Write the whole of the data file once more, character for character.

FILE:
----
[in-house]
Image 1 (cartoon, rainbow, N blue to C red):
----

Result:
[in-house]
Image 1 (cartoon, rainbow, N blue to C red):